In 1902, suffragist and social activist Elizabeth Cady Stanton wrote about Rainsford’s mixed choir in an article for the Baltimore Sun. She quoted church officials opposed to his efforts, including one who described female choir members singing in surplices “an abomination,” and another who stated that if women must sing in a vested chorus, “they should be as inconspicuous as possible.”⁵ 

Stanton, unsurprisingly, disagreed. She wrote, “All praise to those clergymen and to Dr. Rainsford, who 15 years ago led the way in giving the church a new idea of its duty in regard to the emancipation of women.”⁶ 

Rainsford also faced opposition when he hired African-American baritone Harry T. Burleigh as a church soloist in 1894. He wrote in his autobiography:

I can only recall, in all those years, one serious commotion in my white-robed company. That was on the memorable occasion when, without warning (for this course I thought the wisest), I broke the news to them that I was going to have for soloist a Negro, Harry Burleigh. Then division, consternation, confusion, and protest reigned for a time. I never knew how the troubled waters settled down. Indeed, I carefully avoided knowing who was for and who against my revolutionary arrangement. Nothing like it had ever been known in the church's musical history. The thing was arranged and I gave no opportunity for its discussion. When the question is one of church policy, I held, and hold, that the decision lies with the rector and with none other.⁷

On this occasion once again, J. P. Morgan stood by Rainsford. He approved immediately of Burleigh’s hiring, and even invited Burleigh into his home to sing every Christmas.⁸ 

After more than 20 years as rector, Rainsford resigned from St. George’s Church in 1906. He died in 1933 at age 84.⁹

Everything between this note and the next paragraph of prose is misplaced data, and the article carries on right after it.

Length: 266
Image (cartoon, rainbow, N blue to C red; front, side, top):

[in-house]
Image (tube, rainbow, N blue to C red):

1. William Stephen Rainsford, The Story of a Varied Life: An Autobiography (Garden City, NY: Doubleday, Page & Co., 1922), p. 201. [accessed 25 September 2017].

2. ‘Rainsford, William Stephen’, The Episcopal Church. [accessed 25 September 2017].

3. Rainsford, p. 213.

4. Rainsford, p. 214.

5. Elizabeth Cady Stanton, ‘Women in Church Choirs: Their Right to Wear Ecclesiastical Vestments and March in Processionals’, The Sun (1837-1991); Baltimore, Md. (6 July 1902), p. 12.

6. Stanton.

7. Rainsford, p. 217.

8. Snyder, Jean E. Harry T. Burleigh. (University of Illinois Press, 2016), p. 219.

9. “DR. W.S. RAINSFORD DIES IN 84TH YEAR.” The New York Times. (18 December 1933), p. 19.  [accessed 25 September 2017].

A 200th-anniversary Podcast

“There are people that stick with this choir. They keep coming back, it keeps growing, and I think it’s fascinating to be in a group that has been in existence for 200 years.”

So begins our new podcast, produced and narrated by Naomi Lewin, the former host of weekday afternoon music on WQXR, and of the podcast Conducting Business.

Listen to learn about the history of the group, hear from current members, and enjoy music from St. George’s Choral Society performances. 

Antonin Dvorak, Harry T. Burleigh, and St. George’s Choral Society

Antonin Dvorak, Harry T. Burleigh, and St. George’s Choral Society

In 1891, St. George’s Choral Society performed Antonin Dvořak’s Stabat Mater for the first time, just 14 years after its completion. We will perform the piece again on April 30, 2017 to celebrate our 200th anniversary and historic connection to the composer. In February 1892, seven months before Dvořák arrived in America, the Choral Society gave the American premiere of his Requiem mass.

Read More

The clock is ticking…our 200th anniversary is almost here

In 1817, St. George’s Choral Society was founded as the choir of St. George’s Church.

In 1894, the choir made history when Harry T. Burleigh, the great spiritual performer, composer, and arranger, became the first African-American to sing with the choir of a white church.

Burleigh in St. George's Choral Society robes in 1894. In Harry T. Burleigh: From the Spiritual to the Harlem Renaissance. News item in Southwestern Christian Advocate (New Orleans, Louisiana, Thursday, July 12, 1894; pg. 6, issue 28).

Today, St. George’s Choral Society—no longer religiously affiliated—looks to celebrate our history and welcome our future as we move into our 200th year.

Help St. George’s Choral Society strengthen our work enriching lives through the universal and transformative power of music. Make a year-end gift today.

Your gift makes a difference, no matter the size.